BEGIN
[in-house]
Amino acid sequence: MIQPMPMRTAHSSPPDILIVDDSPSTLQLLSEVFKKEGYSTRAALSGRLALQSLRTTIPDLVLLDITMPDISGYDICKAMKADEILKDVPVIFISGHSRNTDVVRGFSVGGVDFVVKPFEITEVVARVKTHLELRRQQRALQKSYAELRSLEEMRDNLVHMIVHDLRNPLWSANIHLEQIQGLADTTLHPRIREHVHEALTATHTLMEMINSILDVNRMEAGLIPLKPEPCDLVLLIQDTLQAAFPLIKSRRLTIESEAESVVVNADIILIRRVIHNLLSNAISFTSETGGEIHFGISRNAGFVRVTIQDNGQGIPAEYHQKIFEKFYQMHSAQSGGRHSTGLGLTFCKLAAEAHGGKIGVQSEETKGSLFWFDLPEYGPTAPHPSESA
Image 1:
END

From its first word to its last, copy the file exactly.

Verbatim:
[in-house]
Amino acid sequence: MIQPMPMRTAHSSPPDILIVDDSPSTLQLLSEVFKKEGYSTRAALSGRLALQSLRTTIPDLVLLDITMPDISGYDICKAMKADEILKDVPVIFISGHSRNTDVVRGFSVGGVDFVVKPFEITEVVARVKTHLELRRQQRALQKSYAELRSLEEMRDNLVHMIVHDLRNPLWSANIHLEQIQGLADTTLHPRIREHVHEALTATHTLMEMINSILDVNRMEAGLIPLKPEPCDLVLLIQDTLQAAFPLIKSRRLTIESEAESVVVNADIILIRRVIHNLLSNAISFTSETGGEIHFGISRNAGFVRVTIQDNGQGIPAEYHQKIFEKFYQMHSAQSGGRHSTGLGLTFCKLAAEAHGGKIGVQSEETKGSLFWFDLPEYGPTAPHPSESA
Image 1: